That’s how rare this test is. As you can see, not many people know about it. But if we are routinely checking for titres, we can see if the vaccine is working, because we know that sometimes vaccine manufacturers have maybe set an efficacy of 95% but then they came back and said a couple of years later, “Oh, sorry, it was only 60%.”

We can see that titre tests would be very important if you want to actually protect a community and protect individuals, because antibodies can transfer through breast milk. They can also come into contact—there have been people who have had titre tests who have never actually experienced the symptoms of the disease and had the antibodies for the disease.

Mme France Gélinas: Did you go to your family physician? Did you ask—if you were to be referred, is it covered?

Ms. Elisabeth Hall: Yes, it is covered.

Mme France Gélinas: But we’re not using it because nobody knows about it.

Ms. Elisabeth Hall: Exactly.

Mme France Gélinas: How did you come to know about that?

Ms. Elisabeth Hall: I’ve been researching for a year and a half consistently, almost every day for, like, three hours.

Mme France Gélinas: It took a lot of work.

Ms. Elisabeth Hall: Yes, many sleepless nights.

Mme France Gélinas: Did you have such a test done on your children?

Ms. Elisabeth Hall: I haven’t done a test, no, because they’re fully vaccinated—and they were injured by vaccines. So I haven’t done a test yet, but I probably will, just to see if the vaccines actually even worked.

Mme France Gélinas: Very interesting. Thank you.

“Nobody does a routine titre test”. Yes we do. Regularly. She called OHIP and they didn’t know what a titre test was. Who was she speaking to? A secretary? The janitor? What is that supposed to prove? “Not many people know about it”. This is a straw man fallacy to end all straw man fallacies. Everyone knows about titres. Everyone orders titres. This is not a new thing. But here’s where she is totally off base. She is subtly implying that we should order titres on children before giving them vaccines. Here’s the problem with that. If you check a titre after giving one dose of MMR, you may see a positive titre and be falsely led into thinking that you don’t need a booster. Your immunity will quickly drop off and you will soon be left unprotected. We check them in certain cases in adults to avoid immunizing if not necessary, but this is not applicable to children.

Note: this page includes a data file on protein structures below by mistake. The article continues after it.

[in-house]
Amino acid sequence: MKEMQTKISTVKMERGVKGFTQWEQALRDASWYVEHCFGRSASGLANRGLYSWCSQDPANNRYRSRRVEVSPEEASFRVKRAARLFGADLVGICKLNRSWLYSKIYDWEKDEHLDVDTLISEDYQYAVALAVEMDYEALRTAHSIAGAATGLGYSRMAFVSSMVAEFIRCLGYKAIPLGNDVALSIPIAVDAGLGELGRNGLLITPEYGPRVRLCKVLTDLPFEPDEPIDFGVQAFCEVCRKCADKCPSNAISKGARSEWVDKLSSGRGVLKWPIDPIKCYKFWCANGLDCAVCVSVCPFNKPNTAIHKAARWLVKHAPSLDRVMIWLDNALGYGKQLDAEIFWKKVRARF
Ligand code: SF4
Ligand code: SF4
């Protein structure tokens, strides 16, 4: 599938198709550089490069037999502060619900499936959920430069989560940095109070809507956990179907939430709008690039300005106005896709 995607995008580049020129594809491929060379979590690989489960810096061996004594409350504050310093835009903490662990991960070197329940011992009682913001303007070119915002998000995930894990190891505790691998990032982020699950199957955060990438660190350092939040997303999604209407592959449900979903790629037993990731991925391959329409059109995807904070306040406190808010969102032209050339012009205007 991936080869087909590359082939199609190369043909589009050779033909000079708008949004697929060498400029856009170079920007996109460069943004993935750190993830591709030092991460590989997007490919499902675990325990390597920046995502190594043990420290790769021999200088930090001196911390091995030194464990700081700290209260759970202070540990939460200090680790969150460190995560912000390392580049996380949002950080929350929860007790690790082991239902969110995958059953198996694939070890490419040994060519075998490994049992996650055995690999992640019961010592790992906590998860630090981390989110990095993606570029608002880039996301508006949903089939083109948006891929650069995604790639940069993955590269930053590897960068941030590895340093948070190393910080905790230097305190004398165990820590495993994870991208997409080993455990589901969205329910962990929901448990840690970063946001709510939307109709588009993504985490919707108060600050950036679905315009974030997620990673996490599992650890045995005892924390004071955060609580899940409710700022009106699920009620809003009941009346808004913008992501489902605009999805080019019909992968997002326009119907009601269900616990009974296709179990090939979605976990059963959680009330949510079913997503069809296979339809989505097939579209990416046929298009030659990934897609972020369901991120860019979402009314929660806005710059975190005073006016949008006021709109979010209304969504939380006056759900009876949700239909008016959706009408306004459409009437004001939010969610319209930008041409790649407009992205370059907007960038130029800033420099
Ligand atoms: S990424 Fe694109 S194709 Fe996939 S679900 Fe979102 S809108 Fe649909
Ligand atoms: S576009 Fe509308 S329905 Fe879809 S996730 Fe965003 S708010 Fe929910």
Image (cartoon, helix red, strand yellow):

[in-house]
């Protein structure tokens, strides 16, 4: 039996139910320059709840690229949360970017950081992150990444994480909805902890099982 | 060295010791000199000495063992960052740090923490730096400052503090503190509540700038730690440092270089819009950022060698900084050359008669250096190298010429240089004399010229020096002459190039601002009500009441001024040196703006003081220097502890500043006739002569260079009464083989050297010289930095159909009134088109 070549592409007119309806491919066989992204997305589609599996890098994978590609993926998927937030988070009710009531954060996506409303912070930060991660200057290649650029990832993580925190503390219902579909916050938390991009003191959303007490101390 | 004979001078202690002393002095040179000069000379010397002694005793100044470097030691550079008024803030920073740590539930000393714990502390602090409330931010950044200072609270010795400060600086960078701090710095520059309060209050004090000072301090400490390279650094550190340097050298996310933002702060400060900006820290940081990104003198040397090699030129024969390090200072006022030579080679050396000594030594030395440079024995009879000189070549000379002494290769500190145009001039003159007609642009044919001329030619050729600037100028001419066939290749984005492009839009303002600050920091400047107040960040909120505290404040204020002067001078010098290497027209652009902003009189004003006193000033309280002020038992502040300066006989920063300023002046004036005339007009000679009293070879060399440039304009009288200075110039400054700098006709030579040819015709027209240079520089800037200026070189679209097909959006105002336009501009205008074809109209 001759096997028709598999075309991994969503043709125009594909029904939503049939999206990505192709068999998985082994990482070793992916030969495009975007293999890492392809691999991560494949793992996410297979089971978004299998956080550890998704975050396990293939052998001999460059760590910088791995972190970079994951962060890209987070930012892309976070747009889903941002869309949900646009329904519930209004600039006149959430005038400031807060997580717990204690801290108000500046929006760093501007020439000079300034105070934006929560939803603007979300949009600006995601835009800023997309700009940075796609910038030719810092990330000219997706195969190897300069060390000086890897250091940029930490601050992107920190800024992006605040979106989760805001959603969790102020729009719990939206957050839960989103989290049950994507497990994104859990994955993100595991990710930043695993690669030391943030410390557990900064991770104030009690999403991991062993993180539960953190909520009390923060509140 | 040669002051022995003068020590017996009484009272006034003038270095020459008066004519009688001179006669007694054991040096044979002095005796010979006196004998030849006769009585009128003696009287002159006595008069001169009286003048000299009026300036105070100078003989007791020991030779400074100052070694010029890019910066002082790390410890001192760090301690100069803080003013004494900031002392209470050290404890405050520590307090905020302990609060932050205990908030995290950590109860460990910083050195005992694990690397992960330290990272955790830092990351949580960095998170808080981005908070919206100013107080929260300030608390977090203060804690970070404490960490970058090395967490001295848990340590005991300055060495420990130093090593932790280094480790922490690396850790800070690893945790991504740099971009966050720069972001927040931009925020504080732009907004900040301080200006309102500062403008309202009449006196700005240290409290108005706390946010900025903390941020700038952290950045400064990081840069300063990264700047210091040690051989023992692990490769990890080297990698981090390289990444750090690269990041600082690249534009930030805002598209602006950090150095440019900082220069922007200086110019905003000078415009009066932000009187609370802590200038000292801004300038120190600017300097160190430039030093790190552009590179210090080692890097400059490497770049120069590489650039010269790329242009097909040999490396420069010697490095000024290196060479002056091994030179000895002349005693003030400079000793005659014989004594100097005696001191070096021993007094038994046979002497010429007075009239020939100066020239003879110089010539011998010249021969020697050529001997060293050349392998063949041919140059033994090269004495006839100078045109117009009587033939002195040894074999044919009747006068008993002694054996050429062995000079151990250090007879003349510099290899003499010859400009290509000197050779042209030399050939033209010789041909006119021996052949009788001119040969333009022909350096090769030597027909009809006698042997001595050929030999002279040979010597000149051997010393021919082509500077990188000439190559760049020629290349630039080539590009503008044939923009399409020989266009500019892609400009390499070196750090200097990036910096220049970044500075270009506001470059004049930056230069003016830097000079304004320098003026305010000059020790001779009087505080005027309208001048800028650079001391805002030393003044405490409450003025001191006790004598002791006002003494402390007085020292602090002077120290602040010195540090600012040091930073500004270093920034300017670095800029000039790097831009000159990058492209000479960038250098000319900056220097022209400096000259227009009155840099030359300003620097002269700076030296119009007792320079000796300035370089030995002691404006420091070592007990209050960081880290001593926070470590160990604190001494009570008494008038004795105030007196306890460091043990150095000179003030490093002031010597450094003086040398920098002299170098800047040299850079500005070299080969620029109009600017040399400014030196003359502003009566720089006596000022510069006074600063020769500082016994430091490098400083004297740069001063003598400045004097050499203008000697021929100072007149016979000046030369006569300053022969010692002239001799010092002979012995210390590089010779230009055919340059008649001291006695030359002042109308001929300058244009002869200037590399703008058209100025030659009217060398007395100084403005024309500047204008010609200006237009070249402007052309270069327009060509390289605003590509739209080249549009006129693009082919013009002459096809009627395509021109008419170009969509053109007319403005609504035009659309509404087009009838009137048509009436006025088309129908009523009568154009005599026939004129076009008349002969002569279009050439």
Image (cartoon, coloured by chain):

“I’ve been researching for a year and a half consistently, almost every day for, like, three hours.” Googling frantically and looking for information that specifically supports your prior belief system is not researching. It’s confirmation bias. And I must say that I am incredibly disappointed in MPP Gelinas for feeding directly into the conspiratorial narrative that Ms. Hall was creating.

MPP John Fraser gave Ms. Hall the most opposition, defending the need for health protection. Ms. Hall then adds “If someone wants an exemption, they have to have maybe had an injured child that’s—maybe their family history has the MTHFR gene that enables them to detox from toxins. They might have this gene, and they might want a medical exemption.” Someone bringing up the MTHFR is a big pseudoscience flag, as it’s being used by the alternative medicine community to explain away just about any health concern. Here’s a terrific summary of the MTHFR issue from Skeptical Raptor.